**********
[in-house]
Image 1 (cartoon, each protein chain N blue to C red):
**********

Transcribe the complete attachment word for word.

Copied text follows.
[in-house]
Image 1 (cartoon, each protein chain N blue to C red):